There’s a lot more to Tequila than margaritas and cheap shots
Tequila is the dark horse of the spirit family. If you’ve ever had a night of too many cheap tequila shots, you probably know why. Bad tequila is, well, awful. But good tequila – well that’s something else entirely. A high-quality tequila is meant to be sipped slowly and enjoyed, no shooting, salt or lime necessary.
But what actually is tequila? At the most basic level, it’s a Mexican liquor distilled from the blue agave plant. It’s highly regional, produced mainly in Jalisco, and a few other areas (including Tequila!) and the name is legally protected, in a similar way as Champagne.
A Blue Agave farm in Mexico
Tequila’s history spans all the way back to pre-Columbian Mexico, but wasn’t mass produced until 1600. And the methods of making it have remained largely unchanged- some distillers still use donkeys in the process!
Read more: #KnowYourSpirits: Fernet
Making tequila takes time. A lot of time actually. Remember how we said it’s made from blue agave? Well, that takes around eight years to fully mature (if you have the proper, super specific growing conditions!), and it’s a very hands-on process for the farmers, called jimadores. The knowledge of the jimadores is passed on through the generations, allowing them to know exactly what a plant needs and when. Once the blue agave reaches maturity, it produces something called a piña, or heart, which is used to make the tequila. Over 300 million plants are harvested a year to match the world’s demand, and the taste of the spirit will depend on where it was harvested.
With over 1000 tequila brands on the market, it can be daunting to dive in. Start with knowing your classifications. You can get 100% Blue Agave or Tequila Mixto. The pure tequila is obviously more highly regarded, with tighter regulations. The mixed must have a minimum of 51% Blue Agave, the remaining 49% of the spirit can be anything from sugars to colourings. After that, tequila is divided into five categories: Silver, Gold, Reposado, Añejo (aged) and Extra Añejo.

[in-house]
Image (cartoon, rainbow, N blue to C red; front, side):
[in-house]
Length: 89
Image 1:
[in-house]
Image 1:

Silver tequila is pure, unadulterated agave. It hasn’t been aged, and it’s often bottled directly after distillation. Gold tequila is usually a mixed tequila, with colorants added in. This is the most common type you’ll find at bars—and if you don’t like tequila, this is to blame. Step up your game and try a Tequila Reposado, a ‘rested’ variety that’s been aged in barrels. After aging for a year, a tequila becomes Añejo – which means old, and develops a richer more complicated flavour. Finally, there’s Tequila Extra Añejo, aged more than three years. This ultra-aged spirit can sometimes to be hard to distinguish from a whiskey!
The piñas of the Blue Agave, as seen by COA during a research trip to Mexico
Much like great gin and whiskey, making tequila is an art form, and one that should be embraced. If you’re ready to move away from the shooters and salt, Lan Kwai Fong and Central have a number of great bars to explore. Start at COA (which is named after the tool the jimadores use to harvest the piñas!).
Coa is a Mexican-inspired artisanal cocktail bar with one of the best selections of tequila in town. Founded by champion bartender Jay Kahn, this is the place to go to learn about the tequila harvesting process and all manner of agave-based spirits. Then wander your way down to Brickhouse and order one of their famous margaritas. If you’re up for a big night, finish at Los Sotano, our favourite underground bar that serves great sipping tequila—just ask the bartender!
Shop A, LG/F Wah Shin House, 6-10 Shin Hing Street, Central; +852 2813 5787
20 D’Aguilar Street, Central
21 D’Aguilar Street, Central; +852 2970 3887
All photos are the rights of their respective owners